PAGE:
For the evaluation of the source, it is of great importance whether Hitler carefully checked his statements in the knowledge of the transcripts and only said what was allowed to become known, or whether he was able to speak freely and relaxedly in a circle of confidants about questions that shouldn’t leak out, to which he didn’t yet have a clear answer. All the information suggests that the latter was the case. In any case, Hitler didn’t expect that what he said at the nightly meetings in his study would be recorded in writing. In this relaxed atmosphere he expressed himself more openly and informally than at the lunch and dinner table. Picker was well aware of this, because during his work on Bormann’s staff he mainly procured copies of these notes. Of the 36 notes he took from Heim’s inventory into his edition, 13 alone refer to the nightly teatimes, to which he was never asked.

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[1] Picker, Hitlers Tischgespräche, p. 24.

[2] Das Tagebuch der Baronin Spitzemberg. Ausgewählt und herausgegeben von Rudolf Vierhaus (The Diary of Baroness Spitzemberg. Selected and edited by Rudolf Vierhaus). Göttingen 1976, p. 291.

[3] Picker, Hitlers Tischgespräche, p. 33.

The Führer’s monologues (ii)

The majority of Hitler’s monologues, which are published in this volume, were handed down by Heinrich Heim (pic above). He was born in Munich on 15 June 1900, and grew up in Zweibrücken where he also attended school.

In keeping with his heritage—Heim came from an old and respected Bavarian legal family (his father was a judge at the Bavarian Supreme Court and from 1918 to 1925 a member of the Bavarian State Court and for a time of the Disciplinary Court)—he studied law at the University of Munich.

Heim met Rudolf Hess at an economics college and through him came into contact with the NSDAP, which he joined as early as 19 July 1920. After passing his exams for the higher judicial and administrative service, the young lawyer set up his own practice in Munich. He worked in an office partnership with Dr Hans Frank, who was already Hitler’s and the NSDAP’s preferred legal representative at that time. Heim, too, immediately became active as a lawyer for the party. He primarily represented the interests of the NSDAP’s relief fund, which was headed by Martin Bormann. This established a collaboration that lasted until 1945.

When Rudolf Hess was appointed Deputy Leader in 1933 and Martin Bormann appointed as his chief of staff, the systematic development of an efficient party headquarters began.

Bormann brought Heim onto his staff on 13 August 1933 where he worked, albeit initially on a fee basis without clearly defined responsibilities. Only after the National Socialist party leadership had been given a say in state legislation and namely in the appointment and promotion of civil servants, other lawyers and staff were recruited. In the newly established constitutional law department of the party headquarters, Heim was assigned the handling of all questions concerning the judiciary. He remained in this position of head of the Reich Office until the end of 1939. In 1936 he was appointed senior government councillor, and in 1939 he received the rank of ministerial councillor.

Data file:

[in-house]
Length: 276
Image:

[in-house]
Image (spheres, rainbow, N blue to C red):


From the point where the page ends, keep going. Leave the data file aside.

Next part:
When, at the beginning of the war, Martin Bormann (who had already been in Berlin from time to time and had kept the connection between Hitler and the party leadership) followed the leader of the NSDAP to his respective headquarters, he took Heim with him as his adjutant. He remained in this position from the end of 1939 until the autumn of 1942. After that, when he returned to the Braune Haus in Munich, he headed a newly created department until the end of the war, in which fundamental questions of a reorganisation of Europe were dealt with.

The decisive factor for Heim’s command to the Führer’s headquarters was Hitler’s wish. If possible, he only wanted to see people he knew in his environment.

The fact that Heim was one of his earliest followers (he had the old membership number 1782) also established a special relationship of trust that made him seem suitable to record Hitler’s discussions and explanations. As Bormann’s adjutant, Heim not only ate regularly at Hitler’s table, but he was also frequently invited to the nightly teatimes in the Führer’s bunker, which were attended only by the closest political confidants and the secretaries. The circle was rarely larger than six to eight people. The records of these nocturnal monologues by Hitler make up the special value of Heim’s collection.